Additionally, you may want to organize your vehicle for maximum comfort during your road trip. For instance, I set up my back seat with comfortable padding, a clean towel, and an incontinence underpad (sometimes called a chuck). I was able to sit there through the entire trip while using my power chair as a leg rest. With this set-up, I was also able to shift my weight easily to avoid pressure sores. Plus, the clean towel and underpad protected me just in case I had any bladder issues or leakage during the car ride.
5. Relax and enjoy your accessible vacation.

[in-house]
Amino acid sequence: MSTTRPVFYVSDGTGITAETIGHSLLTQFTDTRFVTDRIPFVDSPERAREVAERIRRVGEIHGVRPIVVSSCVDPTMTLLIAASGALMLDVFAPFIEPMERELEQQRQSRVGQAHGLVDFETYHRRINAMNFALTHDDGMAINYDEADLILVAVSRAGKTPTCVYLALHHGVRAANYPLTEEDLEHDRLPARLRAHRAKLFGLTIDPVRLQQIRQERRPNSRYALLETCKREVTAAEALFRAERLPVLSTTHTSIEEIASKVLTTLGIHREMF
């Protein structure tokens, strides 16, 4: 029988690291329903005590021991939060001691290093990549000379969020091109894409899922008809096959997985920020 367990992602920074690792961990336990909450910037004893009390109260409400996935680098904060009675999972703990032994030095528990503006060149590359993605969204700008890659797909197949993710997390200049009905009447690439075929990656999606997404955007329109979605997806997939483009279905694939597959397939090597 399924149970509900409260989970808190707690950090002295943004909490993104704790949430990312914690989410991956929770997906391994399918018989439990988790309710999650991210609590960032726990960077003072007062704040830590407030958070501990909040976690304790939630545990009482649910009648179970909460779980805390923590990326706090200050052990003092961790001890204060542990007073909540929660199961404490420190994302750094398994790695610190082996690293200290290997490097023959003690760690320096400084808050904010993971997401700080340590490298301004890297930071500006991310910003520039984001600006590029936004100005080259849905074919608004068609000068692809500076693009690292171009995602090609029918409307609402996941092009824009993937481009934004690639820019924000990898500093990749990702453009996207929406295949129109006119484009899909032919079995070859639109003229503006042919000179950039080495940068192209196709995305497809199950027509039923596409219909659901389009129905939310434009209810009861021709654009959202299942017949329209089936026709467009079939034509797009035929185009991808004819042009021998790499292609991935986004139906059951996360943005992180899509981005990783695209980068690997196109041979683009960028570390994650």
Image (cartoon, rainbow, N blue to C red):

Lastly, my advice to you would be to try to relax and just enjoy your time away from home.
I’ve learned that not everything is always going to be perfect or completely accessible. However, when you let go of what you can’t control, you can better enjoy things.
So above all, take lots of pictures. Make some amazing memories. And remember it’s okay to ask for help.
For me, traveling again after my spinal cord injury has become a wonderful way of feeling freedom again. It’s a huge boost to your morale if you’re disabled. I always seem to feel more confident when I come back home after a nice vacation away.
Best wishes for your fun trip ahead!
You can take a look at some of my other articles on 180 Medical’s blog here.